I’ve been reading with interest the response by some media personalities to the pink chaddi campaign – 25,000+ members at last count. And these aren’t like those fake sms’ you send out to some dumb reality show when you do mass voting for someone! According to Sagarika Ghose, “the battle for freedom and the battle for progress must be a sensible and a rational one; it can’t be a trivial battle where we fling coloured underwear at maniacs.” She believes it is an ‘undignified’ way to protest. So which is the dignified way to deal with “maniacs”? Methinks the lady has missed the woods for the trees. Tell us Ms, Ghose, which among the following would you say are the dignified ways: 1. File a police complaint 2. File a Public Interest Litigation? 3. Try to reason with Mr Muthalik and his ilk 4. Visit the Ram Sene office and tell them to mind their own business. 5. Complain to the local MP /MLA. I am sure we can find a whole lot more absurd ways to do it the ‘dignified’ way. Times change and ways to deal with problems change along with it. Self respecting, law abiding citizens have tried all the dignified ways mentioned above to protest but they’ve usually come up against that brick wall behind which these goons take refuge. And what happened when those goons were sent to jail. They walked free within 24 hours. Who posted bail for them? At least, the victims didn’t retaliate with a gun. Not yet anyway, because I think most people are running out of patience when it comes to dealing with second-rate punks masquerading as moral police. Ghose talks about the Nehruvian way of dealing with such incidents. Yes, one would have tried that too, but I don’t think it would have helped much if the victims went on a hunger strike outside the Vidhana Souda! This way is a lot more dignified than where some kid is pulled out of a bus and roughed up because he happened to be a Muslim or some women are molested in a pub, or couples get their faces blackened because they happen to be sitting in a garden. Here nobody gets hurt and the message gets across. And lest we forget, this is the country which sent three of its most popular leaders to a most violent death — and they too spoke of peace and non violence. The sooner we stop these mobs from taking over our lives, the better. This is not Afghanistan or Pakistan and we definitely don’t want a homegrown saffronized Taliban here. The late Rajiv Gandhi once told a heckler in the US that “people who talk of Khalistan should remember that Ranjit Singh’s capital was Lahore.” Get the message, guys?

Going pink on Valentine’s Day

Posted: February 10, 2009 in Uncategorized
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As far as ideas go this has to be the most outrageous and funny idea, I’ve ever heard of. Check out this group on Facebook (The Pink Chaddi Campaign) with 7763 members and growing rapidly, which also has a blog called Consortium of Pubgoing, Loose, and Forward Women. On Valentine’s Day they want everyone to visit a pub and raise a toast to the Ram Sena and also donate a pink chaddi, to be presented to members of the same outfit! It’s Gandhigiri at its pinkest!! But it also shows that all right thinking people everywhere are getting pissed off with the moral police for telling them how to lead their lives. If nothing else, the group’s rapidly increasing numbers are proof of that. What the hell, no one has the right to tell me or my family what we should or should not do with our money or time. And more importantly, we don’t need a lecture on culture or morals from people of questionable morals. About time, politicians of assorted political orientations, and their sidekicks, were told to take a hike. I’ll raise a toast of orange juice, if nothing else, to the pink chaddi campaign on February 14! Cheers!!!

At the mandi

Posted: February 7, 2009 in Uncategorized

It must rank among the most shameful displays of money power at at time when lakhs of Indians are either jobless or are going to be. Yes, yes, I know I’m being a wet blanket, but it made me sick to see some of the captains of industry uppping their price and starlets preening away to the mews channels as they bought and sold players! These same titans talk about tough times ahead and layoffs in their business empires, but if you watched the news channels yesterday, you know what these guys do with the money they save after either laying off his staff or slashing the salaries of his pilots by 80k! Would be interesting to know how many employees were laid off from the companies owned by the people who were there at the Indian Premier League “mandi” yesterday? So here’s the calculation $13590000 @ Rs 50/ per dollar = Rs 660,881,714.52 . In simple mathematics it’s just Rs 66 crores. To the credit of these worthies they only spent half of it. Adam Gilchrist said he felt like a ‘cow’ after last year’s auction. I think he was being dignified. I have another word, two actually, for that, but…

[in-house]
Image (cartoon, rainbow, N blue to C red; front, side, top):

Did any of you hear Health Minister Dr Anbumani Ramadoss on the news channels yesterday? Did he make you laugh? Well, he didn’t make me laugh, he just made me mad. And I guess it shows here… Responding to the CNN-IBN anchor’s query on how a citizen had to move court to force AIIMS to act, the minister smirked his way through some utter gibberish, about how everyone was entitled to proper medical care and how no hospital could deny anyone…blah, blah, blah. It almost looked like he was reading from a teleprompter. I think Mr Ramadoss lives in lu lu land. Otherwise he would have known, like us poor mortals do, that anywhere in this country hospitals make their own rules when it comes to admitting patients — unless, of course, it happens to be someone with influence or political clout. Oh, and he insisted that this was an isolated case. Even as he was spouting his crap, the same channel showed another citizen saying that AIIMS had refused to operate on someone because the family had not paid the hospital fees. And here too another suited-booted joker spouted exactly the same lines. I wonder if it’s written into their contracts! I thought I’d do my own little research on the web and look what I found. India has 20 million diabetics (and this is an old report…40 per cent of the world’s malnourished children live in India…There are over 2.5 million AIDS cases in India Of the patients who are on dialysis… 69 to 71% die on dialysis or stop treatment (due to financial reasons), the majority within the first three months of initiation of dialysis, and only 17 to 23% patients end up having a kidney transplant because of the costs involvd. This is just the tip of the proverbial iceberg, and I could go on and on. So, Mr Ramadoss, would do better to enforce legislation that give people affordable healthcare and penalise hospitals which don’t, instead of wasting public money enacting laws that very few bother to follow. Let me quote a personal example. My mother died of Alzheimer’s disease a few years back and during the last stage (which I did not know then) of her life, I asked some neurosurgeons at the biggest hospital (again government-run in Lucknow, where I lived then), about medication that could slow the deterioration process. I was advised to give her medication that would cost around Rs 10,000 a month. I went for a second opinion and I was surprised to hear the doctor say that the illness was in the last stage, that she didn’t have much time left and the prescribed medication wouldn’t do ANYTHING for her health. I then consulted a third doctor and he told me exactly the same thing. They were both right, because my mother passed away a few months later. It speaks volumes of the ethics of some members of the medical fraternity. Back to the present, just yesterday as I was driving home, a hand came out of a car belonging to a government official (it had one of those beacons) and flicked away a ciggy. Will the good doctor (and I’m not referring to the one who heads our government) give us some decent health care, and not these dumb ‘public service’ campaigns who no one really gives a damn about